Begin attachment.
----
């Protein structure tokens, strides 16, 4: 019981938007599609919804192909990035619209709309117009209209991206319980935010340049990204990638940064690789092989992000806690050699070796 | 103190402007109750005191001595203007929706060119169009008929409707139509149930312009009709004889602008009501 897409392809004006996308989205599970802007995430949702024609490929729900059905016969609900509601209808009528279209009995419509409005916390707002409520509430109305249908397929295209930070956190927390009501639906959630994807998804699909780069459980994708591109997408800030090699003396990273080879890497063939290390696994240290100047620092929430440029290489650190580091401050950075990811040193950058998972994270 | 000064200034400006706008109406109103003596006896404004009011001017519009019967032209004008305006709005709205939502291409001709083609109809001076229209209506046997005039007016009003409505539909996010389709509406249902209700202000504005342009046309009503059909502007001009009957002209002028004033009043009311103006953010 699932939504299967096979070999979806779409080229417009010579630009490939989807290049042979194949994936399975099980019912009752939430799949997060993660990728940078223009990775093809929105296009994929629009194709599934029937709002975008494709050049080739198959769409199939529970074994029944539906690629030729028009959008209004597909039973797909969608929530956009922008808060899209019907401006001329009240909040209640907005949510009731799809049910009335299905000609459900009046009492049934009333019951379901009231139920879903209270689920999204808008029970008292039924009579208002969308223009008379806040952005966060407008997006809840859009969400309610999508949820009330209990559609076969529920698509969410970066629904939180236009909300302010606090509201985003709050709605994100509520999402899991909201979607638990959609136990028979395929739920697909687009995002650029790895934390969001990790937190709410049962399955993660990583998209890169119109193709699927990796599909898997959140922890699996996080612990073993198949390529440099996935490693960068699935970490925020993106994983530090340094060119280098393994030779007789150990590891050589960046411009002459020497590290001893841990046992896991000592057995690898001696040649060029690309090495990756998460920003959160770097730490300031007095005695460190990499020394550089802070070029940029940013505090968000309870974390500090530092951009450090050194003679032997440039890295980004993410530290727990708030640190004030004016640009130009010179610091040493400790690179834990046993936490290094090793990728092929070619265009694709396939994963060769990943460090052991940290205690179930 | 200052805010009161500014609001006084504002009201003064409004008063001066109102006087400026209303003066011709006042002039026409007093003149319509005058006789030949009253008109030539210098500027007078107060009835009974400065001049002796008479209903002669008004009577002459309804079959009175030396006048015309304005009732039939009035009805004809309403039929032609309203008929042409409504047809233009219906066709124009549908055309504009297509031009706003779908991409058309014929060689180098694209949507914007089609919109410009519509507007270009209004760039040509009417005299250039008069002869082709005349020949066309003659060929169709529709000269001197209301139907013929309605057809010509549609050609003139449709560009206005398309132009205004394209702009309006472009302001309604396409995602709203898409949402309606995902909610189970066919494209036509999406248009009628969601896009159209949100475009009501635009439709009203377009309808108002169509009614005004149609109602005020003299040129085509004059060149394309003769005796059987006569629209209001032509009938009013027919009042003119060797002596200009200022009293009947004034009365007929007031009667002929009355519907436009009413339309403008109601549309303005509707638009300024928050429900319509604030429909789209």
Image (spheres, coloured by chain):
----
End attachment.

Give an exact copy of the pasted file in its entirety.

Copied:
């Protein structure tokens, strides 16, 4: 019981938007599609919804192909990035619209709309117009209209991206319980935010340049990204990638940064690789092989992000806690050699070796 | 103190402007109750005191001595203007929706060119169009008929409707139509149930312009009709004889602008009501 897409392809004006996308989205599970802007995430949702024609490929729900059905016969609900509601209808009528279209009995419509409005916390707002409520509430109305249908397929295209930070956190927390009501639906959630994807998804699909780069459980994708591109997408800030090699003396990273080879890497063939290390696994240290100047620092929430440029290489650190580091401050950075990811040193950058998972994270 | 000064200034400006706008109406109103003596006896404004009011001017519009019967032209004008305006709005709205939502291409001709083609109809001076229209209506046997005039007016009003409505539909996010389709509406249902209700202000504005342009046309009503059909502007001009009957002209002028004033009043009311103006953010 699932939504299967096979070999979806779409080229417009010579630009490939989807290049042979194949994936399975099980019912009752939430799949997060993660990728940078223009990775093809929105296009994929629009194709599934029937709002975008494709050049080739198959769409199939529970074994029944539906690629030729028009959008209004597909039973797909969608929530956009922008808060899209019907401006001329009240909040209640907005949510009731799809049910009335299905000609459900009046009492049934009333019951379901009231139920879903209270689920999204808008029970008292039924009579208002969308223009008379806040952005966060407008997006809840859009969400309610999508949820009330209990559609076969529920698509969410970066629904939180236009909300302010606090509201985003709050709605994100509520999402899991909201979607638990959609136990028979395929739920697909687009995002650029790895934390969001990790937190709410049962399955993660990583998209890169119109193709699927990796599909898997959140922890699996996080612990073993198949390529440099996935490693960068699935970490925020993106994983530090340094060119280098393994030779007789150990590891050589960046411009002459020497590290001893841990046992896991000592057995690898001696040649060029690309090495990756998460920003959160770097730490300031007095005695460190990499020394550089802070070029940029940013505090968000309870974390500090530092951009450090050194003679032997440039890295980004993410530290727990708030640190004030004016640009130009010179610091040493400790690179834990046993936490290094090793990728092929070619265009694709396939994963060769990943460090052991940290205690179930 | 200052805010009161500014609001006084504002009201003064409004008063001066109102006087400026209303003066011709006042002039026409007093003149319509005058006789030949009253008109030539210098500027007078107060009835009974400065001049002796008479209903002669008004009577002459309804079959009175030396006048015309304005009732039939009035009805004809309403039929032609309203008929042409409504047809233009219906066709124009549908055309504009297509031009706003779908991409058309014929060689180098694209949507914007089609919109410009519509507007270009209004760039040509009417005299250039008069002869082709005349020949066309003659060929169709529709000269001197209301139907013929309605057809010509549609050609003139449709560009206005398309132009205004394209702009309006472009302001309604396409995602709203898409949402309606995902909610189970066919494209036509999406248009009628969601896009159209949100475009009501635009439709009203377009309808108002169509009614005004149609109602005020003299040129085509004059060149394309003769005796059987006569629209209001032509009938009013027919009042003119060797002596200009200022009293009947004034009365007929007031009667002929009355519907436009009413339309403008109601549309303005509707638009300024928050429900319509604030429909789209």
Image (spheres, coloured by chain):